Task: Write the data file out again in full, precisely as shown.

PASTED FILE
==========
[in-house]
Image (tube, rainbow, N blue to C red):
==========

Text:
[in-house]
Image (tube, rainbow, N blue to C red):